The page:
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" That the selectmen of every town in the several precincts and quarters where they dwell, shall have a vigilant eye over their brethren and neighbors, to see, first, that none of them shall suffer so much barbarism in any of their families, as not to endeavor... "
Proceedings of the Board of Regents - Página 658
por University of Michigan. Board of Regents - 1915
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A Popular History of the United States of America: From the ..., Volumen1

Mary Botham Howitt - 1860
...ever the custom, and soon became the law, of puritan New England, that " none of the brethren should suffer so much barbarism in their families as not...apprentices so much learning as may enable them perfectly to read the English tongue." That learning might not be hidden, as they said, in the graves of their...
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The Means and Ends of Universal Education

Ira Mayhew - 1860 - 474 páginas
...shall sutler »o much barbarism in any of their families as not to teach, by theinselven or others. their children and apprentices so much learning as may enable them perfectly to read the English tongue, and knowledge of the capital laws, upon penalty of ttcexty shillings for...
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At the General Assembly of the State of Rhode-Island and Providence ...

Rhode Island - 1862
...should suffer so much barbarism in any of their families, as not to teach, by themselves or others, their children and apprentices so much learning as may enable them perfectly to read the English tongue ;" and furthermore, "forasmuch as the maintenance of good literature doth...
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History of the United States of America, Volumen1;Volumen178

Taliaferro Preston Shaffner - 1863
...substituting the firmness and the charity of intelligence for the severity of religious bigotry. " It was ever the custom, and it soon became the law,...apprentices so much learning as may enable them perfectly to read the English tongue, to the end that learning may not be buried in the graves of our forefathers...
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The History of Portland, from 1632 to 1864: With a Notice of Previous ...

William Willis - 1865 - 928 páginas
..."their brethren and neighbors suffer so much barbarism in any of their families as not to endeavor to teach their children and apprentices so much learning as may enable them perfectly well to read the English tongue." Previous to this period settlements had begun to extend up to Capisic,...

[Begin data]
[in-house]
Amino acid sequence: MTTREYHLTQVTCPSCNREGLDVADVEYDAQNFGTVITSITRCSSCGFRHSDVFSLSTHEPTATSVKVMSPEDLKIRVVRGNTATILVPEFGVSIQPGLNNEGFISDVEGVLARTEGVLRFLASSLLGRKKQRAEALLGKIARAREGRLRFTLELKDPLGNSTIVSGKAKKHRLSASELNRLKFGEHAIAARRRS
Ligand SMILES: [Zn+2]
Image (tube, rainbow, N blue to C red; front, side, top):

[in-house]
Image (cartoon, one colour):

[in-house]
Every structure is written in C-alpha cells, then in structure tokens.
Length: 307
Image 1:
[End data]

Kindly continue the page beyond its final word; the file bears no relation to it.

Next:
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American Journal of Education, Volumen15

1865
...them shall Buffer so much barbarism in any of their families as not to teach by themselves or others, their children and apprentices so much learning as may enable them perfectly to read the English tongue and the capital laws of this colony, upon the penalty of twenty shillings...
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Democracy

J.Arthur Partridge - 1866
...religion proceeds from its being believed; that of human laws from their being feared."—Montesquieu^ " None of the brethren shall suffer so much barbarism...apprentices so much learning as may enable them perfectly to read the English tongue."—Bancroft's "Colonisation of the United States." "All which concerns...
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A Visit to Some American Schools and Colleges

Sophia Jex-Blake - 1867 - 250 páginas
...them shall suffer so much barbarism in any of their families as not to teach, by themselves or others, their children and apprentices, so much learning as may enable them perfectly to read the English tongue, and (obtain) knowledge of the capital laws, upon penalty of 20*. for each...
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Annual Reports on Education

Horace Mann - 1868 - 758 páginas
...suffer so much barbarism in any of their families, as not to endeavor to teach, by themselves or others, their children and apprentices, so much learning as may enable them perfectly to read the English tongue, and [obtain a] knowledge of the capital laws ; upon penalty of twenty shillings...
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Report of the Commissioner of Education, with Circulars and Documents ...

United States. Department of Education (1867-1868) - 1868
...snlfer so much barbarism in any of their families, us not to endeavor to teach by themselves or others, their children and apprentices so much learning, as may enable them perfectly to read the English tongue, and knowledge of the capital laws, upon penalty of twenty shillings for...
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